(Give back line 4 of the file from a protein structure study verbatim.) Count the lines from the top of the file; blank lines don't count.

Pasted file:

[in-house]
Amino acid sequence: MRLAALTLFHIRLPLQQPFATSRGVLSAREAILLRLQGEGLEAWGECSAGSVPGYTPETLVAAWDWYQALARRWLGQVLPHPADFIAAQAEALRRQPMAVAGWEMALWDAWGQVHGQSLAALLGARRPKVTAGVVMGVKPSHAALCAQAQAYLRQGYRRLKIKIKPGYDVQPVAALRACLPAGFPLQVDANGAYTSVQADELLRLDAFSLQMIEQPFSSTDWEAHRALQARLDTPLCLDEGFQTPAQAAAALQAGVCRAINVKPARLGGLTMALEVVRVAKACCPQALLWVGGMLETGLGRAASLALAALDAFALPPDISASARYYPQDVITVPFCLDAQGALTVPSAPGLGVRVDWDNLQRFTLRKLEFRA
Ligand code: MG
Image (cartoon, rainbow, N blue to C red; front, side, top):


Image (cartoon, rainbow, N blue to C red; front, side, top):